In contrast, the Viking, although of a marvelous design-Milton Rosen, who directed the Viking development program, used to point out that in its time Viking was the most efficiently designed rocket in existence-found very little use. The dozen rockets bought for the development program were, of course, instrumented for high-altitude research. But Viking was too expensive. The groups engaged in rocket sounding each had perhaps a few hundred thousand dollars a year to expend on the research, and a single Viking would have eaten up the whole budget. When the supply of German V-2s began to run low, consideration was given to building new ones; but estimates placed the price per copy at around half a million dollars, which was prohibitive. It had been hoped that Viking would be much less expensive, but before the end of the development these rockets became almost as expensive as new V-2s. So Viking found no takers among the atmospheric sounding groups and would probably have been shelved had it not been chosen as the starting point for the Vanguard IGY satellite launching vehicle.14
The contrast between Viking and Aerobee typified a situation that has recurred in the space science program. One group of scientists would favor developing large new rockets, spacecraft, or other equipment that would greatly extend the research capability. Another group would prefer to keep things as small and simple as possible, devoting its funds to scientific experiments that could be done with available rockets and equipment. The former group could always point to research not possible with existing tools, thus justifying the proposed development. In rebuttal the latter could always point to an ample collection of important problems that could be attacked with existing means. There was right on both sides of the argument, and it was usually a standoff. As far as upper atmospheric research was concerned, however, Viking was too far ahead of its time. [39] While in the next decade researchers would be able to buy $1-million Scouts (chap. 10), in the early years of rocket sounding Viking cost too much.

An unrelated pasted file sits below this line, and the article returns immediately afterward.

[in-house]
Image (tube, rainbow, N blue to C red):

Once the ball had started rolling with Aerobee and Viking, other rocket combinations began to appear. The experimenters sought less cost, greater simplicity, higher altitudes, more payload, and especially a capability to conduct firings at different geographic locations. Great ingenuity was displayed in putting together new combinations. Sounding rockets were taken to the California coast, to Florida, to the Virginia coast, out to sea, and to the shores of Hudson's Bay in Canada.15 They were even launched in the stratosphere from balloons, a combination that the inventor, Van Allen, called a Rockoon.16 In the panel meeting of 9 September 1954, Van Allen reported that Rockoon flights in the Arctic had established the existence of a soft radiation in the aurora zone above 50 kilometers height, which proved to be one of the milestones along the investigative track that ultimately led to the discovery of the earth's radiation belt.